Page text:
Victory Day is Russia’s central national holiday and has an enduring meaning for ordinary Russians, many of whom carry portraits of their relatives who fought in the war.

While the annual event is always a mix of pride and patriotism for the Kremlin, this year there are also concerns about what President Vladimir Putin might say given his desire to make military advances as his brutal invasion of Ukraine falters .

Russian soldiers march in Red Square during the Victory Day military parade in Moscow on May 9, 2017 (AFP via Getty Images)

Victory Day, May 9, was set as a priority for Russia early in the conflict, although Moscow has realized that a quick victory was impossible given Ukraine’s tight defenses.

Battle rages at the Mariupol Steel Plant

The Ukrainian military said it has retaken territory in the south and repulsed Russian attacks in the east, amid a battle raging at a steelworks in Mariupol – where Ukrainian troops have holed up in tunnels and bunkers to repel a Russian attack.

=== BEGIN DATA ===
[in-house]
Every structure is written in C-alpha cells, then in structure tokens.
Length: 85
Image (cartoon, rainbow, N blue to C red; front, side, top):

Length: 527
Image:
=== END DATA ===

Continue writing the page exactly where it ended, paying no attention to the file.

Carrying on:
Ukrainian militants have been holding out at the sprawling Azovstal Steel Plant — the last pocket of resistance in a city otherwise controlled by Moscow’s forces.

“The enemy, with the support of aircraft, has resumed the offensive to take control of the plant,” Ukraine’s military general staff said on Thursday.

The video published on social media on Wednesday evening showed Russian airstrikes on the steel mill.

Ursula von der Leyen: “We ensure an orderly exit from Russian oil”

European Commission President Ursula von der Leyen said that ending the EU’s dependence on Russian oil “will not be easy, but we simply have to do it”.

This will be a total import ban on all Russian oil, sea and pipeline, crude and refinery.

We will ensure that we phase out Russian oil in an orderly manner so that we and our partners can secure alternative supply routes and minimize the impact on global markets.

Mariupol evacuees ‘spoke of the hell they experienced’

Osnat Lubrani, the UN Humanitarian Coordinator for Ukraine, said evacuees from the besieged city of Mariupol spoke of the “hell” they experienced in the city.